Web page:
The Scriptures teach that when we place our faith in Jesus Christ, the Spirit takes up residence in our hearts. Just like the Son of God took on flesh and walked among us – making His home on earth, the Spirit of God enters our being. We become temples of the Spirit, mirroring the beauty of God’s infinity within the finite nature of our bodily existence.

The Trinity is not some bare doctrine only helpful for proving the errors of Mormons or Jehovah’s Witnesses. It is a doctrinal truth that represents an experiential reality. We are not only to believe in the beauty of the Trinity. We are summoned to participate in the beauty of the Trinity!

If the essence of God is self-giving love, then participation in the Trinity means we are caught up into the divine dance of love going on from all eternity. We are welcomed into the mystery of holy love. Christian George puts it well: “We embrace the mystery of the Trinity because it has embraced us.”

Tomorrow, I will follow up this post with a reflection on how this indwelling by the Holy Spirit takes shape in our lives.

 
 

Nov

22

2011

Trevin Wax|2:38 am CT

Worth a Look 11.22.11

Sally Quinn reflects on the lessons she’s learned since launching The Washington Post’s On Faith. Interesting mix of postmodern presuppositions and conclusions:

I have never been so enthralled, learned so much or been so fulfilled by any subject so much as this. It has totally changed my perspective on life. It was clearly what I was meant to do. From the volume of emails and comments, I know that others find the site as informative, provocative, thoughtful and entertaining as I do.

Don’t Waste Your Exclamation Points:

Generally speaking, a church will over time become affected by, influenced toward, and transferred into whatever her preacher is most excited about. Pastor, our people don’t usually get excited about what we tell them to be excited about. Have you figured that out yet? Instead, they get excited about what they see actually excites us.

J.D. Greear - “Salt and Light”:

The Hebrew word for “holiness” means separation-quite literally, ‘to be cut away from something.’ It also means “perfection,” as we see in our English word holiness, “wholeness” of beauty, love, moral integrity. Jesus was the Holy one, our supreme example of holiness: he was separate from all impurity in the world, yet so “whole” in his love for us that he took upon himself our pain and our sin.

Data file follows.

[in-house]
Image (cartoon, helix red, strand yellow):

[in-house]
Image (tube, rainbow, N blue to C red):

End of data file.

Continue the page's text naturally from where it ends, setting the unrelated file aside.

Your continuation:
Many Christians only think about the first dimension of holiness…

Parents and the Image of God:

Christ died to restore us to being full rep­re­sen­ta­tions of God’s char­ac­ter.  That is what we were made for.  That is my real power for par­ent­ing. In Christ the image will begin to be restored in this life and glo­ri­fied in the age to come.

But mean­while, look at your chil­dren as image bear­ers of God.  Treat them as your equals. Treat them as individuals.

 
 

Nov

21

2011

Trevin Wax|3:42 am CT

The Gospel Project

UPDATE: The website for The Gospel Project has been launched.

A little over a year ago, I transitioned out of pastoral ministry and took on the role of editor at LifeWay Christian Resources of a new small group curriculum for churches.

Beginning Stages

My first two months at LifeWay (November-December 2010) were primarily focused on helping develop the vision for the new curriculum. In conjunction with Ed Stetzer (general editor), I began mapping out what topics this curriculum might cover. We put together some different options – some focused more on systematic theology, others focused on a variety of approaches, etc.

We also began putting on paper the core values we wanted to keep at the forefront of this curriculum. “Theologically robust” (which we renamed “deep, but not dry”), “Christ-centered,” “Grand-narrative-focused,” and “Mission-driven” are the important elements we want to see in every quarter and (hopefully) every lesson. We took these buzz words and fleshed out how they might apply to a curriculum.